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Structuring the State:
The Formation of Italy and Germany and the Puzzle of Federalism
Daniel Ziblatt

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"This is the most important book on state-building to appear in recent years. In addition to offering the definitive account of Italy's and Germany's creation, Ziblatt's work also sets the agenda for future scholarship on the comparative study of federalism. Rich narrative combined with theoretical sophistication bring new life to a very important set of debates about the origins of federalism and nation-states more broadly. This work should be read by specialists of Italian and German political development and comparative politics and by students of political institutions more broadly."--Sergio Fabbrini, Political Science, University of Trento, editor of Italian Journal of Political Science

"With calm, knowledgeable precision, Daniel Ziblatt wades into the adjacent swamps of federalism and nineteenth-century European history, emerging with hands full of gems. Beneath the tangle of great statesmen and national culture he discovers conflicting regional political interests, sharp regional variations in political capacity, fearful defenses against excessive democracy, coercive conquest of weak states, and unintended consequences galore. Read, think, and learn."--Charles Tilly, Columbia University

"A work of the highest quality and significance, Structuring the State represents an original contribution to both political science and macrohistorical sociology for three reasons. First, it applies a variety of quantitative methods to the kind of comparative historical problem that is usually approached in an entirely qualitative way. Second, it overcomes the old division between society- and state-centered explanations for Italian and German unification by integrating them in a creative manner, while also pointing to other factors often overlooked in standard accounts. Finally, it challenges directly the dominant rational choice model of federalism by refuting the contention that politicians at the center are always power maximizers."--Thomas Ertman, New York University, author of Birth of the Leviathan: Building States and Regimes in Medieval and Early Modern Europe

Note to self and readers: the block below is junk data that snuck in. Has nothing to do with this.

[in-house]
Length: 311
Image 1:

"In Structuring the State, Daniel Ziblatt contends that previous scholarship in political science has overlooked a key determinant of state structure, namely the pre-existing administrative and institutional capacity in newly absorbed states. Well-organized, well written, and employing the most advanced methods of comparative-historical research in a sophisticated and clear fashion, the book moves forward with clarity and grace. Political scientists, sociologists, and historians working on the development of modern organizations--and indeed policy makers interested in building state capacity--will all learn from this timely volume."--Andrew C. Gould, University of Notre Dame, author of The Origins of Liberal Dominance: State, Church, and Party in Nineteenth-Century Europe

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File created: 4/21/2017

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